REVIEW: Dan Barron at Salon Refu


I was warned ahead of time by Salon Refu owner Susan Christian that Dan Barron’s pop-up exhibition of “extraordinary” photos was going to be “exceedingly unnerving” and “incomprehensible.” With words like that, how could I not be intrigued? So I took myself down to Salon Refu, the most innovative gallery in Olympia, to see what all the fuss was about. The exhibition was not hung completely. There were seven large and colorful photographs mounted under glass with no frame, but “floated” against the gallery walls, with three on each side wall and one on a hanging panel facing the front window. There were no wall labels and no titles. What I saw were strange and beautiful photographs, extreme close-ups of what appeared to be animal or human body parts—tiny sections of bodies blown up so large as to be unidentifiable but almost recognizable as eyes, eyelashes, teeth or claws or other hard and sharp organic things, possibly interior organs, and mechanical or metallic appendages. It had a steampunk look a la the Borg on Star Trek.

Much of the imagery was in super-soft focus, but some areas were in equally super sharp focus. The transitions between soft and hard were gradual. Much of the coloring was in tones of pink, violet and yellow. The images hovered somewhere between abstract and realistic—realistic images of the indescribable. Near the back of the right wall upon entering the gallery was a horizontal, rectangular photograph with a dusty-rose form like the roof of a mouth or a cave with two openings from which, or into which, grew green shoots of grass. Also on that wall was a soft, undefinable image of some perhaps underwater thing with bubbles and hair. Everything but the hair was in soft focus. And next to that was a picture of what might’ve been a row of teeth.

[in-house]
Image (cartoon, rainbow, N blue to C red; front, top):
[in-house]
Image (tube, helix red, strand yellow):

On one of two window-facing hanging panels was a picture in mostly black and white with touches of green, divided into two large sections with something like drips of milk or a network of stark white bones jutting downward from the light top half into the velvety black lower half. Another photo shows what looked like a group of yellow-green pincers like crab claws or some kind of teeth, some clearly submerged underwater. Next to that was a photo of something like eyes and a cylindrical growth of something with hair and in the background sweet, candy-like bands of rainbow colors.

The macabre images, combined with the candy colors and soft focus, create a dichotomy of strangeness and loveliness that to some viewers might be upsetting and to others beautiful.

A day after seeing this show I was told by the gallery owner that some of the pictures had unprinted titles like “Milton,” “Sliver” and “Stand,” none of which give any indication of what the pictures represent. The artist said “Milton” comes from Paradise Lost. Christian told me Barron makes his photos in the kitchen, using his own body and water and milk and kitchen utensils. She said her favorite is one using “some pink body part and some kitchen forks.” From that limited description, I can’t tell which of the photos I saw was the image to which she was referring.

This is a very short show. It opened Feb. 25 and will be on view only through this weekend.

(This review appears courtesy of The Weekly Volcano.)

What: Dan Barron photos

Where: Salon Refu,
114 Capitol Way N, Olympia

When: 2-6 p.m. Thursday – Sunday (and by appointment) through March 5

How much: free

Learn more: 360-280-3540 | Facebook

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